Tour guide job description

Written by greg jackson
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Tour guide job description
A tour guide will be expected to know their subject. (Lincoln Memorial image by dwight9592 from

The job of a tour guide is dependent on an ability to interface with the public and provide accurate information concerning specialised interests. This position contains aspects of customer service, information dissemination, and continuing education in the venue or medium in which the tour guide is employed. Museums, theme parks and nature attractions are just a few of the venues that require a tour guide.

General Aspects of the Job

A tour guide leads visitors through points of interest and provides useful and interesting information in a narrative format. This is done by leading a walking tour, driving a vehicle, or accompanying a group on a motorised conveyance system such as a park shuttle or monorail system. The information divulged must keep the guests focused on the topic of interest while highlighting the visual artefacts and other venue offerings. The tour guide also acts as an educator by providing unique and important facts to inform the visitor's curiosity.

Historical Tours

The tour guide in a historical venue will be required to have specialised knowledge of the tour subject, whether it is a historic structure or a person of interest. This aspect of the job necessitates some relevant experience with the subject in most cases, such as familiarity with personal belongings and other material points of interest. A museum docent, for example, should become intimately familiar with the person or building on display and be able to relate pertinent facts about the subject, such as important events and a timeline of the subject's lifespan or existence.

Nature Guides

Natural attractions are one of the larger employers of tour guides across the globe. This is another specialised interest, and the guide needs to be acquainted with the environment and general surroundings of the venue. A tour of the area known as Seychelles in the Indian Ocean, for example, will include a trip around the islands and visits to local sites, such as a tea plantation and the ruins of a distillery. The tour will include a rundown of the local animal and plant life unique to this area of the world as well as a well-planned overview of the natural beauty particular to the tour subject.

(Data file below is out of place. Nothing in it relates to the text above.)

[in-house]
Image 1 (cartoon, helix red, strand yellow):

Educational Requirements

The academic background required for a position as a tour guide varies according to the subject, but there are accepted minimum requirements that an employer will have. Although a college degree is not always required, it may be relevant if the topic is a person of great interest or is otherwise important in a historical sense. There are tourism training schools that offer certification credentials, and community colleges also offer courses in tour and travel-related occupations.

Income Aspects

Bureau of Labor Statistics data from May of 2008 reveals that median wages for tour guides range from £6 per hour to £11 per hour. States with the highest level of available positions at that time were Hawaii, Wyoming, Alaska, Idaho, and South Dakota. States that offered the top pay in the field were California, Arizona, Alaska, Wyoming, and the District of Columbia. The highest concentration of these jobs by city were Fairbanks, Alaska; Honolulu, Hawaii; Pittsfield, Massachusetts; Flagstaff, Arizona; and Savannah, Georgia.

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